It was cold enough to wear my old motorbike gauntlets, when I set off on my bike in the early dawn. Not that dawn is particularly early at this time of the year; it was already 7:20. My boat's moored at Sells Green, in the wide basin of the Avon between Devizes and Trowbridge, and days like this start chilly and foggy. I was off to help Jenny on Black Cat, and Victoria on Aquilon (the coal boat) up the Caen Hill locks. We'd got up as far as the Rowde basin the night before, and were doing the final staircase this morning, eight o'clock sharp.
A kingfisher flew close past me, its colours deepened to indigo and deep viridian in this light. Early fishermen were setting up their little nylon igloos and computerised fish monitors, or still trundling along the towpath with great cartloads of tackle and legged boxes like lunar landing modules, for perching on.
Jenny and Victoria were up and about, and there was just time to dump my bag on Black Cat and decline a cup of tea before they cast off and were into the first lock just as Chris the CRT man arrived from the top compound on his quad bike to unlock the ground paddles, without which you can't fill the lock. They took to locking the flight overnight a few years ago, after someone stole a boat in Devizes and tried to make a getaway down the flight... giving up some way down, they'd torched the boat. Not the shiniest of apples in the fruit bowl...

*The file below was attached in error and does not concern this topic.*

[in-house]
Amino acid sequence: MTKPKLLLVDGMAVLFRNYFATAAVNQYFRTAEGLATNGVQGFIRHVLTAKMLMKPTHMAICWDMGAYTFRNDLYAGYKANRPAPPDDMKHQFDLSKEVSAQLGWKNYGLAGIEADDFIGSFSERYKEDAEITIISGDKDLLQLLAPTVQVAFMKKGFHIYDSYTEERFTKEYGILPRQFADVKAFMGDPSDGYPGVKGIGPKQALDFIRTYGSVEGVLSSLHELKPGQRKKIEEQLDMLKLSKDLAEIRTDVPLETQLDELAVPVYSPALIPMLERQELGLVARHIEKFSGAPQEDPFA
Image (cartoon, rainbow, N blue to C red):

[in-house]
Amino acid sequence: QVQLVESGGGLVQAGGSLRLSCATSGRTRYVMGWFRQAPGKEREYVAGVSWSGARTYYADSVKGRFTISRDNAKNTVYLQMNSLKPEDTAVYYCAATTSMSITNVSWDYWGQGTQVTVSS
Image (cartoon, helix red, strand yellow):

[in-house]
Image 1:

Everyone knew what they were doing, and Jenny and Victoria zipped the two boats into each successive lock side by side and barely touching the brickwork. It was a joy to behold.
The mist ahead of us was glowing in the early sunlight, and presently there came a distant honking, and skeins of Canada geese appeared from their night quarters, wheeled round us a couple of times, and dropped into the adjacent pound, with a great splashing and quarrelling.
|Jenny tries not to be distracted by the geese|
|here they come again!|